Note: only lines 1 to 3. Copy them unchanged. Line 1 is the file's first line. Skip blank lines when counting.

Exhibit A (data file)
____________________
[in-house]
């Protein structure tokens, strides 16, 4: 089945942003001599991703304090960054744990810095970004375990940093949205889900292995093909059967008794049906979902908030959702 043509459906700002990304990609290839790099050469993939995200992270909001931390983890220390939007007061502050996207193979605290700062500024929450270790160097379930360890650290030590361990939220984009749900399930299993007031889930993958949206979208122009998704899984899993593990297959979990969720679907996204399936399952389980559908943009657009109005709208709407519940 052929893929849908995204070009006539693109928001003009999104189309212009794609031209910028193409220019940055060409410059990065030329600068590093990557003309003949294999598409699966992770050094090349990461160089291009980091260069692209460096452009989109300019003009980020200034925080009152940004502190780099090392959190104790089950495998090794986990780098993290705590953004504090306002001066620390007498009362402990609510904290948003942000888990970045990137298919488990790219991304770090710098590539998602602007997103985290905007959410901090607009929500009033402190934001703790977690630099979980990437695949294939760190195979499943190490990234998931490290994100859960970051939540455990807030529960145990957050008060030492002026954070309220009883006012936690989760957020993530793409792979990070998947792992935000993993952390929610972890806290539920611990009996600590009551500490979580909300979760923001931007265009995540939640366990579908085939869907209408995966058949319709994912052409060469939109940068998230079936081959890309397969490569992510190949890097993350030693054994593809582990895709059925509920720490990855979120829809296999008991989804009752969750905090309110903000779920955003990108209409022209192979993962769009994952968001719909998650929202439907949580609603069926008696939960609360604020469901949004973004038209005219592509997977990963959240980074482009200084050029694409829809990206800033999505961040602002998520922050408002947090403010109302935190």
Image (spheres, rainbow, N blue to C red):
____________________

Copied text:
[in-house]
């Protein structure tokens, strides 16, 4: 089945942003001599991703304090960054744990810095970004375990940093949205889900292995093909059967008794049906979902908030959702 043509459906700002990304990609290839790099050469993939995200992270909001931390983890220390939007007061502050996207193979605290700062500024929450270790160097379930360890650290030590361990939220984009749900399930299993007031889930993958949206979208122009998704899984899993593990297959979990969720679907996204399936399952389980559908943009657009109005709208709407519940 052929893929849908995204070009006539693109928001003009999104189309212009794609031209910028193409220019940055060409410059990065030329600068590093990557003309003949294999598409699966992770050094090349990461160089291009980091260069692209460096452009989109300019003009980020200034925080009152940004502190780099090392959190104790089950495998090794986990780098993290705590953004504090306002001066620390007498009362402990609510904290948003942000888990970045990137298919488990790219991304770090710098590539998602602007997103985290905007959410901090607009929500009033402190934001703790977690630099979980990437695949294939760190195979499943190490990234998931490290994100859960970051939540455990807030529960145990957050008060030492002026954070309220009883006012936690989760957020993530793409792979990070998947792992935000993993952390929610972890806290539920611990009996600590009551500490979580909300979760923001931007265009995540939640366990579908085939869907209408995966058949319709994912052409060469939109940068998230079936081959890309397969490569992510190949890097993350030693054994593809582990895709059925509920720490990855979120829809296999008991989804009752969750905090309110903000779920955003990108209409022209192979993962769009994952968001719909998650929202439907949580609603069926008696939960609360604020469901949004973004038209005219592509997977990963959240980074482009200084050029694409829809990206800033999505961040602002998520922050408002947090403010109302935190």
Image (spheres, rainbow, N blue to C red):